May 13, 2002

About:Silence

After all the ranting and raving, it has been awfully quiet around my little underthought corner of the blogworld of late. Guess I will have to agree with Arun on something that he said on the comments, better keep quiet if you have nothing to contribute. Or is that quite so?

Generally, life has been following the normal dull and dreary path, nothing much eventful happening [well, lots in fact, but they are too personal to be spewed all over here] the old moronic job continues, chicken still costs Rs. 75 a kilo in these parts, tomatoes are awfully bad now, and rice when bought in bulk saves you a lot of money. Well, that is as exciting as my life gets.

Well, not really. I have really been trying to slow down a bit, trying to take the pressure of setting the only target of job hopping in the next n number of days off me, trying to make sense of a lot of things including where we are headed as a nation, lots of personal issues, relationships and of course the brightest spot in them all, a daily dose of long winding and pleasurable conversations with a good friend whom I have had the pleasure of knowing very recently.

Communal riots have been happening for a long time in our country, they are nothing new. Even then Gujarat comes as a very scary exception. Before you run riot accusing me of a lot of things, let me make it clear that I am not your typical paranoia junkie. Relax, the aliens are still some time away from converting us to their religion. Still, this one is that is refusing to go away and the feeling that I get is not something nice.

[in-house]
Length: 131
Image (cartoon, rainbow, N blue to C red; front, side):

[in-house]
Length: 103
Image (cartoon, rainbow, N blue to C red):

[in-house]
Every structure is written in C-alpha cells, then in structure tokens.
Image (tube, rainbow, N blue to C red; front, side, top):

One of the most basic issues is that how can something like this go on for such a long time [two plus months now] without someone being held accountable, or even the culprits being identified, all that we know is that faceless people are killing mostly innocent people. Why are they faceless? Or is it that we want them to be faceless as the darkness that veils the face also veils the mirror that shows only your own face.

Rioting on such a scale cannot go on when it is accidental or as the popular strain of thought goes "A normal reaction to what happened before it"and most of the media has documented that almost all of it is well thought out and planned. So who is taking all these orders? The people who give them are almost always in the open. The usual suspects, there is no ambiguity there. But for it to be implemented on such a large scale, the psyche of the general population has to be affected and this the one that has been scaring me the most.

This is where the second most important issue comes in. In fact, this should have been the most important, but it makes itself a bit more clearer when it is seen the context of the first. The issue is here is what is seen and perceived as acceptable behaviour and thought. Most of public action and reaction is guided by this and this is precisely why Gujarat is different from the so many riots that has happened out there.

The feeling I get is that Gujarat has changed what is publicly acceptable. It used to be unacceptable to be anything other than a pluralist or a person who used to value liberty and freedom of thought and choice for the individual. Now, we hear senior ministers and politicians speaking of the majority's angst, which can be used to justify any action. This works in both the ways of the cause and effect. The result being that more than seventy days on Gujarat is still burning.